Powerful commentary on the use of shared space below
At Tillysburn there is an opportunity to do something great to replace the current glass-strewn bear pit.
Hovenring, Eindhoven, Netherlands
Snelbinder cycling bridge, Naaldwijk, Netherlands
Question 9: Do you support the use of the network requirements as detailed at paragraph 5.1?
At every stage from planning to implementation to review the guiding principles of the network must remain central and constant. As our city and traffic evolves, so the network must evolve to meet user demand or deal with the challenge of, for instance, autonomous vehicles. The core principles should not be compromised or degraded as the network is built.
Sadly, the Alfred Street path shows how in the period between design and completion these guiding principles were compromised, allowing motor vehicles to slip between wands and block the lane and not offering enough protection at junctions.
Question 10: Do you agree with the addition of ‘Adaptability’ as a network requirement? What other requirements would you like to see included?
Question 11: Do you agree that the routes should be planned and facilities designed with the achievement of increasing numbers of people cycling in mind?
I’ll answer these as one question.
Obviously, the network will need to built to accommodate the target volume of cycle traffic. The Bicycle Strategy sets a target of 20% of journeys under 1 mile and 10% of journeys between 1 and 2 miles for cycling.
How Rotterdammers get around (Bike Portland)
The targets set for Belfast are puzzling. The share for cycling in Rotterdam peaks at around 3 miles. Belfast’s cycling supposedly peaks below 2 miles. How does this sit with the NI Travel Survey?
Cycling doesn’t register against walking and driving in Northern Ireland. Digging deeper into data reveals the peak of cycling journeys lies between 2 and 5 miles.
And the average journey length is 5.1 miles.
Humans in Rotterdam are not vastly different from those in Northern Ireland. Humans tire and for most walking more than 2 miles, or cycling more than 5 miles requires too much effort.
The network should not be built for the current 0-5% of people who use bicycles regularly and then adapted to accommodate a greater number in 5 or 10 years time. It should be built to accommodate the target of 20% share from the outset.
Look at how the cycling provision at Broadway roundabout has become set in concrete, with little room to grow cycling numbers on the far from adequate shared use space.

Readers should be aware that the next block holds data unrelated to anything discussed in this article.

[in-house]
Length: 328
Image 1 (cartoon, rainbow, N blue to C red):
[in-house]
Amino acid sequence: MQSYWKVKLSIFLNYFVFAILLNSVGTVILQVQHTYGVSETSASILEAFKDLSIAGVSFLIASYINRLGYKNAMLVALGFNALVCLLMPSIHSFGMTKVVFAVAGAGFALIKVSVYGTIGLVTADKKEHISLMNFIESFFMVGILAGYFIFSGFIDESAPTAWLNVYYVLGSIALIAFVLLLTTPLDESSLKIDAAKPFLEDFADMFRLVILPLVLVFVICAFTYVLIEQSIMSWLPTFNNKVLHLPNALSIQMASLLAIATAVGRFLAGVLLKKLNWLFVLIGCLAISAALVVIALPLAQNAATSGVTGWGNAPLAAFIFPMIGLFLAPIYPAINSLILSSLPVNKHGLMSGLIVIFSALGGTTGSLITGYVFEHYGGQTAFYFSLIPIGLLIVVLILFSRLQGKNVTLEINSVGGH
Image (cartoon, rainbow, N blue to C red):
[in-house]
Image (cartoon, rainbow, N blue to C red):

If adaptability is adopted as a core principle it should be so that cycling can grow and not be constrained by keeping the current state where cars utterly dominate Belfast streets. This requires new thinking at Department for Infrastructure, who thus far, even in writing this consultation document, are reluctant to remove road space from cars and redesignate as cycling space.
Question 12: What are your views on segregation between people who walk, people who cycle and people who drive? What are your views about physical segregation between motorised traffic and non-motorised traffic? Do you agree that there are levels of traffic (footway or carriageway) below which physical segregation is not always necessary – such as quiet routes and residential areas?
The underpinning thought of designing roads should be sustainable safety, so that an error by a road user will not have fatal consequences for themselves or others.
The second principle is hierarchy of control: where there is a risk, eliminate it; if it cannot be eliminated manage it (in descending order of effectiveness) by substitution, design, laws and education and if after all that a risk remains use personal protective equipment.
On roads the risk of fatal and serious road traffic collisions is reduced by removing areas where cyclists and cars use the same space. Along busy roads and roads where traffic speed is 30mph or above and environments where there are more than average numbers of HGV separation is needed. This is not optional, it is a must to increase cycling numbers.
If Belfast eyes a target of 20% share for cycling it will need to consider how this has an impact on current shared use provision. How will the crossing of the Lagan Towpath with the Ormeau Road look with 4-6 times the number of cyclists?
An underpass will only partly reduce congestion at this point as many, if not most, cyclists use the footpath to cross the bridge.
One Path to conflict
Already, there are numerous incidents along the Towpath and Comber Greenway. To reduce these Sustrans have introduced the One Path initiative to share the paths. Or to put it in other words: on shared use paths we are already in trouble when cycling has an overall modal share of 3-5%. What will this be like if cycling achieves a 4-fold increase?